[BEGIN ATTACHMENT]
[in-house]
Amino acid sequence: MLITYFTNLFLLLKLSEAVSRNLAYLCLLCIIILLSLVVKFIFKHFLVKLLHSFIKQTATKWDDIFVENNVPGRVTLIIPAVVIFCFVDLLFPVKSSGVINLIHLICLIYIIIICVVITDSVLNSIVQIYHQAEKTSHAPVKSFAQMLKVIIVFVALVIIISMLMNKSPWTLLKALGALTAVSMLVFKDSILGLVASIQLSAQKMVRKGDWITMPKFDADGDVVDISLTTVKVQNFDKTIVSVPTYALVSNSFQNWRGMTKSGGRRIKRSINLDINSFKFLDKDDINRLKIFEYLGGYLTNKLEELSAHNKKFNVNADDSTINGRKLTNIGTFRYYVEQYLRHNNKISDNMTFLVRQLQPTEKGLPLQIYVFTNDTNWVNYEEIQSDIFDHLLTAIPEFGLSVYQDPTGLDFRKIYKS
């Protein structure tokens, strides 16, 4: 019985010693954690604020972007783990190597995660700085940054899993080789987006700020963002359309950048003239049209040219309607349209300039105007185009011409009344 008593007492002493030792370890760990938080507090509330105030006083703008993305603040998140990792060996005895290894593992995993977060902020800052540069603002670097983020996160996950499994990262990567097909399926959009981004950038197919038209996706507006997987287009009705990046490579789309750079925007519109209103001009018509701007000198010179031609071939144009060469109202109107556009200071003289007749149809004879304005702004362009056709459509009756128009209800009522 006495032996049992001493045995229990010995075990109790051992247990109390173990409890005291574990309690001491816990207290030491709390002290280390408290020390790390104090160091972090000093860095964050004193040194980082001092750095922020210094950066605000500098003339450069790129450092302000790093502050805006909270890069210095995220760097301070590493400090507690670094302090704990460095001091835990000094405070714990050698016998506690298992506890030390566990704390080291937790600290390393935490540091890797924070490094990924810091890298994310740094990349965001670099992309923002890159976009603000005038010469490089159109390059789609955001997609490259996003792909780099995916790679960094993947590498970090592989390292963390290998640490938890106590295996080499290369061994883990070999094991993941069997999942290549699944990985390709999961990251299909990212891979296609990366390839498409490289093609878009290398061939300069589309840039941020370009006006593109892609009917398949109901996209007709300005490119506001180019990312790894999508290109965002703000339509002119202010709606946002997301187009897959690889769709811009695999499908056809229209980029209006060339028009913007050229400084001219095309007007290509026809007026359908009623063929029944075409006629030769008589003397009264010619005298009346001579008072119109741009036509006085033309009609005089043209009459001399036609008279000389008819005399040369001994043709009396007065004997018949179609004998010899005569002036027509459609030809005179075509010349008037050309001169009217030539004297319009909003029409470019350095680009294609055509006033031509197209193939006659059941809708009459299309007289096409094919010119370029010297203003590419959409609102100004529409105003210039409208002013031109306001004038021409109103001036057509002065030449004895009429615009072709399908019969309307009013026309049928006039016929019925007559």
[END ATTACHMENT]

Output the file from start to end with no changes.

[in-house]
Amino acid sequence: MLITYFTNLFLLLKLSEAVSRNLAYLCLLCIIILLSLVVKFIFKHFLVKLLHSFIKQTATKWDDIFVENNVPGRVTLIIPAVVIFCFVDLLFPVKSSGVINLIHLICLIYIIIICVVITDSVLNSIVQIYHQAEKTSHAPVKSFAQMLKVIIVFVALVIIISMLMNKSPWTLLKALGALTAVSMLVFKDSILGLVASIQLSAQKMVRKGDWITMPKFDADGDVVDISLTTVKVQNFDKTIVSVPTYALVSNSFQNWRGMTKSGGRRIKRSINLDINSFKFLDKDDINRLKIFEYLGGYLTNKLEELSAHNKKFNVNADDSTINGRKLTNIGTFRYYVEQYLRHNNKISDNMTFLVRQLQPTEKGLPLQIYVFTNDTNWVNYEEIQSDIFDHLLTAIPEFGLSVYQDPTGLDFRKIYKS
């Protein structure tokens, strides 16, 4: 019985010693954690604020972007783990190597995660700085940054899993080789987006700020963002359309950048003239049209040219309607349209300039105007185009011409009344 008593007492002493030792370890760990938080507090509330105030006083703008993305603040998140990792060996005895290894593992995993977060902020800052540069603002670097983020996160996950499994990262990567097909399926959009981004950038197919038209996706507006997987287009009705990046490579789309750079925007519109209103001009018509701007000198010179031609071939144009060469109202109107556009200071003289007749149809004879304005702004362009056709459509009756128009209800009522 006495032996049992001493045995229990010995075990109790051992247990109390173990409890005291574990309690001491816990207290030491709390002290280390408290020390790390104090160091972090000093860095964050004193040194980082001092750095922020210094950066605000500098003339450069790129450092302000790093502050805006909270890069210095995220760097301070590493400090507690670094302090704990460095001091835990000094405070714990050698016998506690298992506890030390566990704390080291937790600290390393935490540091890797924070490094990924810091890298994310740094990349965001670099992309923002890159976009603000005038010469490089159109390059789609955001997609490259996003792909780099995916790679960094993947590498970090592989390292963390290998640490938890106590295996080499290369061994883990070999094991993941069997999942290549699944990985390709999961990251299909990212891979296609990366390839498409490289093609878009290398061939300069589309840039941020370009006006593109892609009917398949109901996209007709300005490119506001180019990312790894999508290109965002703000339509002119202010709606946002997301187009897959690889769709811009695999499908056809229209980029209006060339028009913007050229400084001219095309007007290509026809007026359908009623063929029944075409006629030769008589003397009264010619005298009346001579008072119109741009036509006085033309009609005089043209009459001399036609008279000389008819005399040369001994043709009396007065004997018949179609004998010899005569002036027509459609030809005179075509010349008037050309001169009217030539004297319009909003029409470019350095680009294609055509006033031509197209193939006659059941809708009459299309007289096409094919010119370029010297203003590419959409609102100004529409105003210039409208002013031109306001004038021409109103001036057509002065030449004895009429615009072709399908019969309307009013026309049928006039016929019925007559």